Four days into the rest of his life as a former Ryder Cup captain, Padraig Harrington is doing just fine, thank you very much. His golf might be a little rusty – he opened with a three-over par 75 at Carnoustie on the opening day of the Alfred Dunhill Links Championship – but post-round the 50-year old Dubliner was his usual amiable self. Already, one senses, the record-breaking 19-9 defeat suffered by his side at Whistling Straits is receding into his memory’s middle-distance.
Which is not to say Harrington didn’t want to talk, always one of his favorite things to do. He did, to the point where he admitted that his desire to explain, as much as he can, what went on last week is weighing heavily on his ever-active mind. Even if he hasn’t been frequenting any social-media sites, or reading the newspapers, he is well aware that questions are being asked of his decision-making last week.
As ever, though, Harrington has his own theories on just why things went very much America’s way. Over the course of the three-day match, the visitors failed to win any of the five sessions of play.
“They now do everything we’ve learned,” Harrington said with a smile. “We’ve taught them a thing or two over the past 20 years. They’ve caught on. Every little bit of innovation that Europe has introduced to make an edge, they now have. They do what we do. So it’s going to be hard to find an edge going forward. I’m not sure there is one. But we won’t know that until we find it. One thing that will be interesting, though, is if they travel over to Rome for (pre-match) practice in 2023. They have sort of committed themselves to that.”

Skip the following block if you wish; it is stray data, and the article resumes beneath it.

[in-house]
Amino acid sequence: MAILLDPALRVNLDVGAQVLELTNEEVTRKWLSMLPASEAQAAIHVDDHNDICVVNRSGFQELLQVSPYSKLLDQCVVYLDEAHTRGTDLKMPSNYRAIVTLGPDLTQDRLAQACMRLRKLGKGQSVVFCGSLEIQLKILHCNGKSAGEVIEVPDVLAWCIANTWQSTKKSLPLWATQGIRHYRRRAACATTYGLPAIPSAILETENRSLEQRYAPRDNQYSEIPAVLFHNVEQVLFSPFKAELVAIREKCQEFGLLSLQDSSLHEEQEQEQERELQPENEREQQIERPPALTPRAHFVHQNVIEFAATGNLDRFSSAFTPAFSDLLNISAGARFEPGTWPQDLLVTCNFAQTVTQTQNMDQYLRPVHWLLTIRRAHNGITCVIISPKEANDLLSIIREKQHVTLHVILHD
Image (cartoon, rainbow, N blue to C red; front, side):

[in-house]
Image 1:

Harrington, a veteran of five Ryder Cups as a player, was also at pains to point out that, contrary to what some critics have been suggesting since Sunday evening, wholesale change in how the Europeans go about their Ryder business is unnecessary. Apart from being a great healer – an important factor given the extent of the loss – time in golf always means change. Class might be permanent, but form is forever transitory.
“We just have to do more of the same,” Harrington insisted. “We don’t need to alter anything. That’s key. Two years is a long time in golf. We could be in the ascendency by then. They are on a right peak at the moment. To have so many players right at the top of the world rankings is not something we’ve seen for a long time. But in two years’ time that might not be the case. We’ve been very successful in Europe so we should just keep going forward with what we’re doing. There’s no need to panic. As strong as they are, time is a great leveler. There are always ebbs and flows.”